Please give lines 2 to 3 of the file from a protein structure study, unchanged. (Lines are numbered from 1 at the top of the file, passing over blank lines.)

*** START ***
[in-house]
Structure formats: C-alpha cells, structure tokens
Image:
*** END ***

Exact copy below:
Structure formats: C-alpha cells, structure tokens
Image: